- Try on the classic styles— inspired by both Katharine and Audrey— at Hepburn (3 Salem St.; 508/228-1458: Call first, since the owners have been known to migrate south).
By David Knowles
On a crisp late-winter afternoon, I sit in pilot Jim Thompson's office at tiny, noncommercial Plymouth Airport. It has been an especially cold, bleak season, and I've driven 40 minutes south of Boston to this terminal— more like a suburban house— in search of a thrill.
"We can start with a simple barrel roll," Jim suggests. He picks up a matchbox-size airplane— it looks like the one the Red Baron flew— and makes it take off from his desk.
"We fly up, to the left, and then circle over the top."
This barrel roll looks like a roller coaster's corkscrew loop. Piece of cake, I tell myself.
"After that, we can try a hammerhead," he says.
I stare in disbelief as Jim steers the poor little plane into a perpendicular trajectory from the ground. "We pull back on the throttle, hang for a second, and fall back around." The plane dives toward the fast-approaching desk and pulls out of the free fall with inches to spare. "Of course, we can do as much or as little as you like."
At 41 years of age, Jim Thompson bears no trace of Top Gun bravado. He's about six feet tall, with a slouching gait, thinning brown hair, and a mustache. He started flying planes at 15, and 25 years later took second place in the International Aerobatic Club Championships, one of the premier events of the stunt-flying world.
"Has anything bad ever happened while you were flying a stunt plane?" I ask half-jokingly.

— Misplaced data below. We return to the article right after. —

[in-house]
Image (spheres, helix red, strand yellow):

"I crashed once," he admits.
Not exactly the answer I'm fishing for. "My engine went out," he explains, "and I tried to land in a field. When I touched down, the wheels dug in and I flipped right over." He pauses and takes note of the look on my face. "Don't worry. There won't be a problem today," he says, then pulls out an album with pictures of the upside-down plane, a tiny stunt model called a Pitts.
After the briefing we step out onto the tarmac, and I get my first glimpse of the aircraft we'll fly: a two-seat version of the plane Jim flipped, with red and white stripes. Only 22 feet long, the Pitts S-2B looks like a French sports car with wings. "Let's put your parachute on," he says.
He runs through the safety procedures: how to fasten and release the buckles, how to jump, when to pull the rip cord. I listen as I have never listened before. Next, I climb into the forward seat. Jim fastens me in— belts across the thighs and around the waist, and shoulder straps. "Don't want you coming out of your seat when we fly upside down."
The instrument panel in front of me doesn't look much different from that of a Volkswagen Bug. Jim gets in and hands me headphones with a microphone so that we'll be able to communicate over the sound of the engine. The propeller springs to life.
"You're going to feel a little G-force on takeoff," he warns.
Picture James Bond in Moonraker, whirling around in that space-age centrifuge, his face mutating as if he were in a Claymation movie, and you'll begin to understand the sensation of G-force. We increase our speed to 70 mph, the nose lifts off the ground smoothly, and then bang, we dart up at an incredible angle. The G-force tugs my body back down to earth, but the plane's engine wins out, and we rise.
The sun shines over dormant cranberry bogs and countless lakes. Still rising, we angle toward the coast, toward Plymouth Rock and the Mayflower replica docked in the harbor.